Ballistic Missile Defense: What Happened with the Block IA intercept in FTI-01? (What Does a Yellow Check Mark Mean?) (March 6, 2013)


Integrated flight test FTI-01, conducted by the Missile Defense Agency (MDA) on October 25, 2012, involved the near-simultaneous interception of three ballistic missile and two cruise missile targets.  According to a MDA news release issued on the day of the test, four of the intercept attempts were successful.[1]  For the fifth intercept attempt, however, involving an Aegis Block IA interceptor against a short-range ballistic missile (SRBM) target, it was reported that, although the interceptor appeared to fly out normally, “there was no indication of an intercept” of its target.  News reports have since described the intercept attempt as failure.[2] The BMDS section of  DOT&E’s 2012 Annual Report describes the engagement as unsuccessful.  And the MDA’s ongoing intercept test scorecard shows the intercept attempt as a failure, as shown below:


(From Missile Defense Agency, “Ballistic Missile Defense Intercept Flight Record,” Fact Sheet, February 13, 2013.)

However, in a February 22 2013 briefing, new MDA Director Vice Admiral James D. Syring presented a slide showing the outcome of the intercept as “Engaged: Intercept Not Confirmed” and scored with a yellow check mark.  The slide is below.


(From: VADM J. D. Syring (Director, Missile Defense Agency), “Ballistic Missile Defense Update,”  Briefing Slides, American Society of Naval Architects, February 22, 2013. 

What does this mean?  Does it indicate that, roughly three months after the intercept test, MDA still hasn’t determined if the target was successfully intercepted?  This immediately call to mind the situation with the FTG-02 NMD test, in which the fact that the “successful intercept” did not actually destroy the target was not publicly revealed until more than five years after the test.  However, even that test gets a green check mark in MDA’s intercept test scorecard:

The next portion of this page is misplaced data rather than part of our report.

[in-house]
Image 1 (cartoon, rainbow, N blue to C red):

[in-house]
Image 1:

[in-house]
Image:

So what does the yellow check mark mean?  If they don’t know what happened, why not a question mark?  Maybe as more information comes out, we’ll find out.

[1] Missile Defense Agency, “Ballistic Missile Defense System Engages Five Targets Simultaneously During Largest Missile Defense Flight Test in History,” New Release, October 25, 2012.  Available at:

[2] For example: “The MDA is studying why Aegis, a ship-based radar program led by Lockheed Martin, and its SM-3 Block 1A missile, manufactured by Raytheon, failed to shoot down its short-range ballistic missile target.” Amy Butler, “Countering the Raid,” Aviation Week and Space Technology, November 5, 2012, p. 37.

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